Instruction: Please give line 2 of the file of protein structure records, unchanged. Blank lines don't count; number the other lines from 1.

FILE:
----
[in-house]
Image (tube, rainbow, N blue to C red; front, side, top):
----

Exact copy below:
Image (tube, rainbow, N blue to C red; front, side, top):